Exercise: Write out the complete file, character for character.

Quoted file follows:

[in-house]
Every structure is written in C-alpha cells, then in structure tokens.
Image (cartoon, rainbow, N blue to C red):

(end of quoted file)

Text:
[in-house]
Every structure is written in C-alpha cells, then in structure tokens.
Image (cartoon, rainbow, N blue to C red):